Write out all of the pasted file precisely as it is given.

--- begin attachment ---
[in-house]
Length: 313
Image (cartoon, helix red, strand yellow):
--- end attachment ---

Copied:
[in-house]
Length: 313
Image (cartoon, helix red, strand yellow):